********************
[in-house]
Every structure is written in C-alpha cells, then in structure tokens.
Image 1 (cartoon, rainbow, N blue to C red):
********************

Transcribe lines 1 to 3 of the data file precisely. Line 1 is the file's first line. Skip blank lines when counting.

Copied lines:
[in-house]
Every structure is written in C-alpha cells, then in structure tokens.
Image 1 (cartoon, rainbow, N blue to C red):